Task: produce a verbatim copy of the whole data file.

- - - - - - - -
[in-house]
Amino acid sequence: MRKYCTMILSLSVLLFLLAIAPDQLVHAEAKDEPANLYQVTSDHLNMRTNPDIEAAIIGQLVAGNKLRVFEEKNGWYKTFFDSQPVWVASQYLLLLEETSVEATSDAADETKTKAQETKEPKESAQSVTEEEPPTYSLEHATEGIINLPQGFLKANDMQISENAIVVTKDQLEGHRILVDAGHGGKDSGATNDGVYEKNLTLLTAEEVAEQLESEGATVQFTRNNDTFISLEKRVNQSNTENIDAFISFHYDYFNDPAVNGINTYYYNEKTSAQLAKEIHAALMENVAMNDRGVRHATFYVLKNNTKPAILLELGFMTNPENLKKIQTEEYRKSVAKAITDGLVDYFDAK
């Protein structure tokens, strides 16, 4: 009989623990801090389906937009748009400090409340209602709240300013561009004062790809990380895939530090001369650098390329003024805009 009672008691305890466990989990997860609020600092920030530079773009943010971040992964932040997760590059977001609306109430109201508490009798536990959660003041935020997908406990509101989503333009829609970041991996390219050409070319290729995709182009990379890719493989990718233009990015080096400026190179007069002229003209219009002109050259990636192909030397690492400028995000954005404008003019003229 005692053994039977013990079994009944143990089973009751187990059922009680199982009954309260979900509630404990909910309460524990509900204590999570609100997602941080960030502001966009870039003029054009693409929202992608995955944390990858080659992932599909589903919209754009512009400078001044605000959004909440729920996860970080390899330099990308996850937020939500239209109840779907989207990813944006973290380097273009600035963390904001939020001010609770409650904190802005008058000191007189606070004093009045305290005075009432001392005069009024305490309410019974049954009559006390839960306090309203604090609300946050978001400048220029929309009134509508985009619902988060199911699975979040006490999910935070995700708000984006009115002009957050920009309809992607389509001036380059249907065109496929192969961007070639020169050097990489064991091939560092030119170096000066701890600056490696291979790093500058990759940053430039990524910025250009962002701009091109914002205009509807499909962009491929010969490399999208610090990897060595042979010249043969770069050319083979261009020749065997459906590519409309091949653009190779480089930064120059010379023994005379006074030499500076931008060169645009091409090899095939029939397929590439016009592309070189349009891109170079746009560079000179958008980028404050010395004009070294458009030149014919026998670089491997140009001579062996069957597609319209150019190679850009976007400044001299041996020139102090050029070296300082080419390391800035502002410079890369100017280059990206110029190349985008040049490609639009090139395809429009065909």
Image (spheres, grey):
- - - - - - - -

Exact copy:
[in-house]
Amino acid sequence: MRKYCTMILSLSVLLFLLAIAPDQLVHAEAKDEPANLYQVTSDHLNMRTNPDIEAAIIGQLVAGNKLRVFEEKNGWYKTFFDSQPVWVASQYLLLLEETSVEATSDAADETKTKAQETKEPKESAQSVTEEEPPTYSLEHATEGIINLPQGFLKANDMQISENAIVVTKDQLEGHRILVDAGHGGKDSGATNDGVYEKNLTLLTAEEVAEQLESEGATVQFTRNNDTFISLEKRVNQSNTENIDAFISFHYDYFNDPAVNGINTYYYNEKTSAQLAKEIHAALMENVAMNDRGVRHATFYVLKNNTKPAILLELGFMTNPENLKKIQTEEYRKSVAKAITDGLVDYFDAK
């Protein structure tokens, strides 16, 4: 009989623990801090389906937009748009400090409340209602709240300013561009004062790809990380895939530090001369650098390329003024805009 009672008691305890466990989990997860609020600092920030530079773009943010971040992964932040997760590059977001609306109430109201508490009798536990959660003041935020997908406990509101989503333009829609970041991996390219050409070319290729995709182009990379890719493989990718233009990015080096400026190179007069002229003209219009002109050259990636192909030397690492400028995000954005404008003019003229 005692053994039977013990079994009944143990089973009751187990059922009680199982009954309260979900509630404990909910309460524990509900204590999570609100997602941080960030502001966009870039003029054009693409929202992608995955944390990858080659992932599909589903919209754009512009400078001044605000959004909440729920996860970080390899330099990308996850937020939500239209109840779907989207990813944006973290380097273009600035963390904001939020001010609770409650904190802005008058000191007189606070004093009045305290005075009432001392005069009024305490309410019974049954009559006390839960306090309203604090609300946050978001400048220029929309009134509508985009619902988060199911699975979040006490999910935070995700708000984006009115002009957050920009309809992607389509001036380059249907065109496929192969961007070639020169050097990489064991091939560092030119170096000066701890600056490696291979790093500058990759940053430039990524910025250009962002701009091109914002205009509807499909962009491929010969490399999208610090990897060595042979010249043969770069050319083979261009020749065997459906590519409309091949653009190779480089930064120059010379023994005379006074030499500076931008060169645009091409090899095939029939397929590439016009592309070189349009891109170079746009560079000179958008980028404050010395004009070294458009030149014919026998670089491997140009001579062996069957597609319209150019190679850009976007400044001299041996020139102090050029070296300082080419390391800035502002410079890369100017280059990206110029190349985008040049490609639009090139395809429009065909």
Image (spheres, grey):